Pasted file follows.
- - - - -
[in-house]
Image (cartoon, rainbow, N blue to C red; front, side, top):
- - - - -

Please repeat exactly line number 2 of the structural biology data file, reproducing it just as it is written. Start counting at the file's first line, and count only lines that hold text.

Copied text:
Image (cartoon, rainbow, N blue to C red; front, side, top):